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Tools to Measure Dynamic Molecular Changes in Neurons

We aim to illuminate the secrets of biology by building tools to peer into and manipulate molecular processes of behaving C. elegans in real time. Our current endeavors include developing calcium and cGMP reporters to observe and quantify neuronal activity. We are also interested in probing neuronal chromosome dynamics and their movement within the nucleus and chromatin state using CRISPR- based chromosomal imaging techniques. In addition, we have previously shown that the 3’UTR of egl-4 is important for regulated spatially localized translation (Kaye et al., Neuron 2009) and are interested in developing tools to probe this process.

Collaborators: Kato at UCSFWittmann at UCSF, Huang at UCSF, VanHoven at SJSU, Ferkey at SUNY Buffalo, Juang at National Chiao Tsung University

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GCaMP calcium reporter expressed in the ASER neuron responding to a change in salt concentration

Image by Sarah Woldemariam

Synaptic Plasticity

The fully mapped out nervous system has allowed us to develop methods to examine synapse plasticity during learning and memory formation with cellular, synaptic and molecular precision. How are synapses affected by prolonged signaling and do these changes result in memory formation? Where is the engram for memory? Our goal is to build tools to watch RNA handling in neurons in real time as they learn about odor.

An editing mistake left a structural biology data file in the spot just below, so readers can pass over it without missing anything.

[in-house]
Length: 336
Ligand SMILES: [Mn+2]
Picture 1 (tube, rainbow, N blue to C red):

Collaborators: Floor at UCSF, VanHoven at SJSU

AWC olfactory neuron with GRASP puncta

Image by Torsten Wittmann

Learning and Memory

How do neurons change when an organism learns a new behavior? How do these changes allow organisms to form and keep memories of what they learned? Our lab has projects focused on manipulating and quantitating the learning, memory, and consolidation processes. Ultimately we hope to gain an understanding of whole brain activity as the animals acquire and perhaps consolidate memory.

Petri Dish

Chemotaxis plates from Kelli Benedetti

Photos by Kanaga Rajan

Small RNA in Neuronal Function and Beyond...

Neuronal signaling affects physiology as a whole and, in particular, RNA biology. Previous findings from our lab show that the nuclear RNAi pathway is important for odor learning. (Juang et al., Cell 2013) We are investigating the biogenesis of these small RNAs in the neuron upon olfactory stimulation. Once formed, how might such RNA based or elicited signals get out of the neuron? And finally, once in their target tissue, what is the function of small RNAs in maintaining cell populations and tissue integrity?

Collaborators: Goga at UCSF, Floor at UCSF, Dernburg at UC Berkeley

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DAPI and HTP-3 staining of the wild type C.elegans germ line

Images by Aarati Asundi in collaboration with Gina Caldas (Dernburg lab)

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